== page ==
The ISC also provide support for the network through our funding of the CARA Adapted Physical Activity Centre at the
IT Tralee Regular training opportunities are offered by the CARA Centre to the SIDO’s and CARA has also developed a
website and other resources such as a newsletter.

The SIDO initiative is proving to be both successful and popular with people with a disability at local level. Already,
there have been social leagues established in a range of disability sports such as boccia and power soccer. Additionally,
the SIDO’s are working very well with existing disability sports organizations such as Special Olympics, Irish Wheelchair
Association and Cerebral Palsy Sport Ireland.

Local Sports Partnerships
Additionally, there are a wide range of projects being run at local level by LSP’s to promote participation for target groups
such as ethnic minorities or those in areas of socio-economic disadvantage. All of these projects are delivered in
partnership with relevant local agencies on programmes such as RAPID, Youthreach, etc. Examples of these

                                                           - 52 -
programmes would be women in sport projects for traveller women, participation initiatives for older people and early
school leavers activity programmes.

In previous years, the LSP network had received funding from other Government Departments to run specific projects for
target groups. These included Dormant Accounts Funding to operate a Disadvantaged Youth grant scheme and funding
for integration for ethnic minorities through the National Programme Against Racism (Department of Justice).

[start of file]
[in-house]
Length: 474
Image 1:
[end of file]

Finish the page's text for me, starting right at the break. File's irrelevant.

Healthy food for All and safefood are establishing a Demonstration Programme on Community Food Initiatives and are
looking for funding applications from eligible groups and organisations. The purpose of this funding is to establish a
Demonstration Programme of Community Food Initiatives on the island of Ireland. Community Food Initiatives are
projects that improve the availability and accessibility of healthy food for low-income groups at a local level, using a
community development approach.
Between five and seven initiatives will be funded over a three-year period. Each initiative will receive annual funding
over a period of three years to set up, manage and sustain a project. Funding will be up to a maximum of €75,000
(£60,000) provided approach is encouraged.

safefood and the Irish Heart Foundation have collaborated on a salt workplace in 2007 and are currently planning another
phase in 2009. Although the focus of this campaign is salt the campaign strongly emphasises making healthier choices in
workplace restaurants.




                                                       - 53 -